MRP calculates how much to make by generating Order Proposals. The entire manufacturing process – including work order operations, subcontracting, value-added services, and packaging – can be planned and carried out by converting these proposals into Manufacturing Orders. This process ensures visibility and easy tracking throughout the manufacturing process, including subcontracting.

At every point in the process, you have complete visibility of who has handled a product, what has gone into its manufacture, and when it is due to be ready for delivery. You even know which Order Proposal was used to create the Manufacturing Order. Basically, you can trace the process back to the very beginning.

It is also possible to perform capacity planning, which allows for a smooth running of your manufacturing facility, leading to fewer issues and delays.

Allocation

The allocation may not seem like a critical area of concern for manufacturers. Often, when working with brands, the manufacturing process is make-to-order. The one-to-one relationship between the order placed and the goods manufactured does not warrant sophisticated fair share allocation rules. However, with the increase of omnichannel and drop-shipping, manufacturers need to have fluid and adaptable allocation systems that can deal with customer-driven, allocation, and delivery destination changes. The allocation module within an ERP allows for such flexibility while still maintaining the traceability of the supply chain from RMs to end-customer.

Business Intelligence (BI) and Analytics

It is wonderful to have an ERP system that captures every function that you perform in your manufacturing business. But all that data is truly pointless if you cannot access, process, and analyze it at will. This is where BI steps in. Infor Birst, which is such a system, interfaces to the ERP to collect all its useful data and then presents reports and analytics that actually provide a window to the awesome data. Furthermore, BI systems can pull data from different systems and present them in consolidated reports.

The increased visibility will also help with sustainability policies that will be crucial across all aspects of the fashion industry in years to come.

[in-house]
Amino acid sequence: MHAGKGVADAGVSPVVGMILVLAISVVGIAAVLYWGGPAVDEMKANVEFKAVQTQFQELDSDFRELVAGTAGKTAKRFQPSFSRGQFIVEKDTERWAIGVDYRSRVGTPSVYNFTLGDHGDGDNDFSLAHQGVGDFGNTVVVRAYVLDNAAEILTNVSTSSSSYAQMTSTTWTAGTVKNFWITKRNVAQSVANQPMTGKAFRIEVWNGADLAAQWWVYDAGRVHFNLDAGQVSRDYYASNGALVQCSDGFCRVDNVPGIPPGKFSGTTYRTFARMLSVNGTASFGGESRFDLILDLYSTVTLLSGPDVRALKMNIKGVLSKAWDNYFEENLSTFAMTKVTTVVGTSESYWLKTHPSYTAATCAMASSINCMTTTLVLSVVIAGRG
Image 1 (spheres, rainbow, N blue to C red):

Collaboration

Figure 3: ION Desk workflow interface

Most ERPs focus on an enterprise and the functions within it. As social media gained popularity, ERPs were enhanced to include collaborative platforms that allow for easy communication, data sharing, and workflow management across various departments within an enterprise. Infor Ming.le is such a platform. It allows users across the organization to chat, share documents, assign tasks, and so on. Instead of generating copious reports that are sent from one department to another, cross-departmental workflows can be set up with notifications and alerts in place.

But still, more is needed! Not everyone works within the same organization. We need inter-enterprise communication and collaboration for brands, customers, suppliers, manufacturers, shareholders. Everybody who touches a part of the complicated fashion supply chain may need to communicate and collaborate with another part of that same supply chain.

Source: Infor | Optimize your supply chain network with Infor Nexus

Networking platforms, such as Infor Nexus, provide such functionality. Brands can log in directly to approved modules of a manufacturer’s ERP system and provide updates on order dates and quantities. As the data is now in the ERP, it can trigger the notifications and alerts mentioned above within the organization. Huzzah!

Keeping Global Manufacturing Alive Through the Right Technology

It has been a tough year. Global supply chains have been devastated. What does the future hold? Who can tell?

Regardless, we can survive. We can look back at the last year and see what worked and what did not. Visibility and collaboration across the fashion supply chain could mean the survival of its global and cross-cultural elements, elements that account for a significant portion of many developing countries’ GDP, providing millions with employment, food, and security. It might seem a decadent extravagance at a financially stretched time, but investing in the right tools in the right areas may just be what keeps cross-cultural manufacturing alive in the decades to come.